Shin Kuroda Carrot
Seed Count: Approx. 500 seeds
Days to Maturity: 75 Days
Description: The Shin Kuroda is a heat resistant carrot with unsurpassed mildly sweet flavor. It's roots are a deep orange, tapered, and stubby, growing to around 5-6 inches long. Plus, it's wide shoulders grow through heavier soils with ease. The Shin Kuroda is a popular Asian market variety that stores well, is great for juicing, canning, pickling, fresh eating, freezing, and tastes excellent in stir fries. This carrot can be grown as baby carrots, and tolerates a wide variety of climates and soils!
How To Grow
Sowing: Plant your seeds 2 inches apart and ⅛ to ¼ inch deep. Keep the soil moist, but do not allow the area above the seeds to become hard - this may prevent the seeds from germinating. Sow more seeds every 3-6 weeks for a continuous crop. When thinning, cut plants down. Don’t pull up the excess carrots or it may damage root systems of neighboring carrots.
Growing: When the seedlings reach 2" high, gently thin them to 2-4" apart, depending on desired carrot size. The farther apart they are, the bigger they will grow. Do not allow the soil to dry out. When the tops of the carrots begin to emerge from the soil, cover them with mulch to keep them tender. Keep weeds under control to prevent the young carrots from being stunted. For companion planting benefits, plant carrots with aromatic herbs or onions and garlic; this will repel the carrot fly and its maggots. Also avoid nitrogen heavy soils and fertilizers, or leafy tops and small roots will grow.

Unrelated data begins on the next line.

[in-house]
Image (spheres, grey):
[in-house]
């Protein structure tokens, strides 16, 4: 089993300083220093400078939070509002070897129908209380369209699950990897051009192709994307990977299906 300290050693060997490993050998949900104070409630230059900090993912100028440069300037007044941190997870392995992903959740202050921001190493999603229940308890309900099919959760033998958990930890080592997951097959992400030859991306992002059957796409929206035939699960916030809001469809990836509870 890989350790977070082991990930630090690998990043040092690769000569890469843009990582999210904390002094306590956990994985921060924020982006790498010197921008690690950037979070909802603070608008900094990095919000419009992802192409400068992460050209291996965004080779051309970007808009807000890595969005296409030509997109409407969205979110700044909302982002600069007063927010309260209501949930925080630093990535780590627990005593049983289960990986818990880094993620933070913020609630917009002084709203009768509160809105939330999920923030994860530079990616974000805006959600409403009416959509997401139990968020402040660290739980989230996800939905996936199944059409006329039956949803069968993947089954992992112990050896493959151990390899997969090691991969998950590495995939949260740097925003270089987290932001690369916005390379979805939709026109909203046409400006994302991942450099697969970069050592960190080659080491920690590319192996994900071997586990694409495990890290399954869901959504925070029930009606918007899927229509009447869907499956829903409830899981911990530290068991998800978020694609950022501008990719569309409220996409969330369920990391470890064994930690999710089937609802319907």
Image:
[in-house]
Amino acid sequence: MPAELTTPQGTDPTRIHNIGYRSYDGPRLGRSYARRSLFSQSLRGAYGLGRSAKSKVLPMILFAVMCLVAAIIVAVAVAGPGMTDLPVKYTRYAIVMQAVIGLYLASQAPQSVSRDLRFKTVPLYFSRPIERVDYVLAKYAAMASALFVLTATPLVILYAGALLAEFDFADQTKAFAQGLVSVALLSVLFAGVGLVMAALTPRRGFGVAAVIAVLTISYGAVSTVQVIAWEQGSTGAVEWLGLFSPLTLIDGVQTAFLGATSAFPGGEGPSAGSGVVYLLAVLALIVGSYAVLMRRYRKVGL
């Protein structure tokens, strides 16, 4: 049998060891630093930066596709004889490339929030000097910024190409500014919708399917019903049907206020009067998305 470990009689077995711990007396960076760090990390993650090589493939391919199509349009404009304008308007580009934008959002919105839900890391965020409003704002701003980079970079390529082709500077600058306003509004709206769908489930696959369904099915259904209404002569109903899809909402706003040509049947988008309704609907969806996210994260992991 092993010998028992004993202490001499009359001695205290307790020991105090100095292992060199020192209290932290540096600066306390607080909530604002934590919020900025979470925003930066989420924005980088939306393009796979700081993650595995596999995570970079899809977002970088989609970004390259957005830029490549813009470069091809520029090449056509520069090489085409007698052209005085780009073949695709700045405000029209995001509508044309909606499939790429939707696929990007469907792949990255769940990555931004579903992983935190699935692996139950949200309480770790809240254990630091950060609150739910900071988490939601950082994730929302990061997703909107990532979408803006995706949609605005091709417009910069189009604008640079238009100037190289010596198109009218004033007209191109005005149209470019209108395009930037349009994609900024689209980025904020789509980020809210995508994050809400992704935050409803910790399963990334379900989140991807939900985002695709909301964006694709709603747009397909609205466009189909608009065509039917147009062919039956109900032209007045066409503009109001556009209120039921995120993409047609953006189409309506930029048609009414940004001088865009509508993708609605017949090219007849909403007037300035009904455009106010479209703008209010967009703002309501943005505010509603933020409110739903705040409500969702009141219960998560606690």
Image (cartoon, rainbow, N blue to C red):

Harvesting: Begin gathering baby carrots when big enough to eat, to allow the remaining carrots to reach a larger size. To store carrots for the winter, twist off the tops but do not wash them. Layer them in damp sand or sawdust. In warmer climates, leave the carrots in the garden over winter topped with a thick layer of mulch. Use those carrot tops, they can be used to make pesto! To save seeds, during spring plantings, allow the top of the plant to flower; when they grow brown and dry, cut them off and allow them to fully dry. Clean to remove as much chaff as possible, then store in a cool, dry place for up to 3 years.